The major film critic awards have been trickling out over the past few weeks, most of them honoring the Coen brothers’ No Country for Old Men and other semi-indie, art-house end of the year releases, prompting Time’s Richard Corliss to wonder “Do Film Critics Know Anything?”. Basically, he likes all the films that won, but thinks perhaps the film critics awards are an exercise in mutual affirmation of the type of films that film critics like, but that average moviegoers haven’t seen and don’t care about. And he’s afraid that the Golden Globes and Oscars are going to follow the film critics’ lead and nominate a bunch of stuff most people haven’t seen. (The Globe nominations came out last week, and he’s mostly right.)
But the Golden Globes and the Oscars, if they follow the critics’ lead, will have V.D.D. â€” viewer deficit disorder. Large numbers of people won’t watch shows paying tribute to movies they haven’t seen. In the old Golden Age days, most contenders for the top Oscars were popular movies that had a little art. Now they’re art films that have a little, very little, popularity. The serious movies Hollywood gives awards to in January and February are precisely the kind it avoids making for most of the year. The Oscars are largely an affirmative action program, where the industry scratches its niche. The show is a conscience soother, but not a crowd pleaser.
I guess my question is, first, so what? And second, um, so what? The Oscars have been accurate tests of cinematic quality since never; they used to be more populist, as he says, perhaps, but they’re always political. They’re always calculated. He does allow that the film critic groups should pick whatever they want to pick, but then bemoans the fact that *shocker* the rest of the awards might actually listen to critics? We might have fewer craptastic movies coming out of Hollywood if *shocker* the average moviegoer listened to critics. And if we had fewer craptastic movies coming out of Hollywood, maybe then they’d get more awards come award season. Just a thought. (He does mention critically-acclaimed popular films like Knocked Up and how they’ve gotten passed by so far this year…personally I disliked Knocked Up, so…)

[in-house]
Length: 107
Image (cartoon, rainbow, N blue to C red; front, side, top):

Plus, I figure the more small, indie, artsy films that get honored at awards time, the more visibility they have, the more people will go see them, and then more people will learn what sort of cinematic treasures lurk outside the multiplex. (I’m being elitist. I’m sorry, I have to to counter Corliss’s rather odd populism…I like blockbusters too, but they don’t need awards–they get plenty of viewership without them.) It’s the small films that NEED critics to promote them, to bring them to a public consciousness that they won’t get from television and radio ads. And October-January (aka awards-preparation season) is the only time they get highlighted.
I don’t really understand why the Oscar show needs to be a crowd-pleaser. Is Corliss working for the network that’s airing them, trying to figure out how to get them more viewers? If people are only interested in watching the summer blockbusters they loved get awards, there are the People’s Choice Awards, the Blockbuster Awards, the Kid’s Choice Awards, and probably others. Let them watch those telecasts, and leave the Globes and the Oscars for those of us who WANT Julie Christie to win an award for so brilliantly portraying an Alzheimer’s patient (Away from Her), and who WANT the Coen brothers to finally win an Oscar for one of the most cinematically perfect films of the year (No Country for Old Men), and who WANT the innovative French animators who worked on Persepolis to win an Oscar over Pixar (who are awesome, don’t get me wrong, but they already have a bunch of little naked gold men), and who WANT festival fare to do well enough in awards season to get screentime in the areas where we live, since going to festivals isn’t what you might call feasible for a lot of us.
If you ask me, the problem isn’t that art-house films get too much attention at the end of the year awards, but that they don’t get enough attention during the rest of the year. It’s not that the awards aren’t populist enough, but that there’s such an unfortunate audience split between popular and art-house.